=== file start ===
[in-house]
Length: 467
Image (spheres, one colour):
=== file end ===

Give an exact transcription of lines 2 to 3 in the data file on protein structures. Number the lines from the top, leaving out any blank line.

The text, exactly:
Length: 467
Image (spheres, one colour):